Review "Wilson Wants It All": House Delivers Hope!

The House Theatre of Chicago presentswilson

Wilson Wants It All

At The Chopin Theatre

1543 W. Division

Written by Michael Rohd and Phillip C. Klapperich

Conceived and Directed by Michael Rohd

Thru March 27th

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Running Time: Two hours and twenty minutes includes a ten minute intermission and fifteen minute delayed start.

It's 2040. The country is a mess. Government regulated pregnancies. States threatening civil war. Leonard DiCaprio is Governor. Americans are in desperate need of Hope! The House Theatre of Chicago presents the world premiere of Wilson Wants It All. The show starts in present day. A prominent Senator and his pregnant wife have been murdered. Amidst the turmoil, the Senator's handler, Wilson, announces the baby, Hope, has survived. Fast forward to the future, Hope is now turning thirty years old. The country has been waiting for Hope to continue her father's legacy. Hope wants out! She meets an identical lookalike, Ruth. Ruth wants in. They decide to secretly swap lives. But the secret is on them. Wilson Wants It All is a futuristic political comedy. It's Primary Colors meets The Truman Show meets The Parent Trap as reported on by CNN Headline News.

News folks and Wilson

With high energy, the talented cast entertains through mass media. Truly an ensemble, six of the actors play multiple parts as reporters, school kids and secret-service-that-double-as-maids type.   As one of the main characters, Rebekah Ward-Hays (Hope 1) plays the disgruntled childhood celebrity unable to speak her mind.  Leslie Frame (Ruth/Hope 2) is the long suffering woman who believes she was born for greatness.  John Henry Roberts (Wilson) is the mastermind puppeteer selling Hope to the world.  Carolyn Defrin (Meredith) is a cross between loving mother and patriot.   Edgar Miguel Sanchez (Remy) adds a little zany hip-hop as the anti-establishment boyfriend.  It's the combination and co0rdination of the human visuals with the technology that is an amusing feat of political intrigue. 

Between director and co-writer Michael Rohd and choreographer/movement Tommy Rapley, the pacing shows progression over time in an engaging and innovative manner.  In one frenzy sequence, chairs and tables are twirling. People are scurrying. Then for one synchronized Ruth as Hope 1st Speech sharper moment, four characters simultaneously sit in chairs with heads jerked back to show they are on a plane. Then they rise and go onto another movement.  Wow!  Another powerful human visual is when Carolyn Defrin (Meredith) and John Henry Roberts (Wilson) age thirty years in less than a minute. All these mimed pieces are enhanced by a great soundtrack composed by Kevin O'Donnell. The use of video (designer Lucas Merino) is also an intriguing tool to show the media's influence. At times, the audience views a video projection of the actor speaking while staring at his back. Fascinating visual!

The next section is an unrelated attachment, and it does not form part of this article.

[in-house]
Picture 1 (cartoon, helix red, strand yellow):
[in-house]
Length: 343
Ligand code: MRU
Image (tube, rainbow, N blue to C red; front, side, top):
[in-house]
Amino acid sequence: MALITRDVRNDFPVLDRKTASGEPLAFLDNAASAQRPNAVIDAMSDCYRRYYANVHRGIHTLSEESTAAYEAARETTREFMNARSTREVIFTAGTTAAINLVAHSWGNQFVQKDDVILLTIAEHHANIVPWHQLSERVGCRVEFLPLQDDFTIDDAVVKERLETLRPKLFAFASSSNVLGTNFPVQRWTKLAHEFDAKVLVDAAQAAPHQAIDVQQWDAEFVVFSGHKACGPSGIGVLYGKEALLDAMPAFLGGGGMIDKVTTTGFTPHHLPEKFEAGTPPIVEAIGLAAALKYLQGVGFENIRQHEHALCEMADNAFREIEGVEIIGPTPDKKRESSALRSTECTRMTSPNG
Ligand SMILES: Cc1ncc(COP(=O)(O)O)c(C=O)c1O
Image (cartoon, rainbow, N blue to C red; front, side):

Wilson Wants It All is co-written by Rohd (story conceiver) and Phillip C. Klapperich. It's a comedic tale of political optimism under duress. The choice of "Hope" as a name seems so perfectly contrived for a political campaign. "Hope 2" adds to the amusement. Some of the best dialogue moments are delivered by a variety of reporter caricatures. Some of the less than desirable discourse is the redundant Hope speech that really doesn't say anything. Or is that a part of the political farce? The story jumps to a climatic fury without true explanation. It's all fluff and fun right before threats of war.  Did I miss something?  I also doubt any red-head is going to freely pick that red dress to wear.  Two of them did?  Much like the notion of Governor Leo DiCaprio, it's highly improbable!

All in all, Wilson Wants It All is all you want in a dramedy.  It's a fun, high-energy, technology explosion of entertainment.  If you want it all, Hope is waiting for you at the Chopin Theatre (both of them!).

A political optimist in his own right, Tom describes the show as "imaginative sci-fi allegory."

WAITING FOR THE SHOW

In the Chopin Theatre district, Pizza Metro, 1707 W. Division is a great choice for quick, cheap, tasty eats.  The atmosphere is no frills, small but with delectable baking ambiance.  I order a slice with mushrooms and chicken.  The thin crust is a mouth melt away.  They also serve Italian sparking waters in lemon and orange, a nice alternative to American pop.   The bill for two is under $20.  Before we head to the future, it's nice to have a bill reminiscent of simpler times in America.

Wilson Wants It All photography courtesy of John Taflan.

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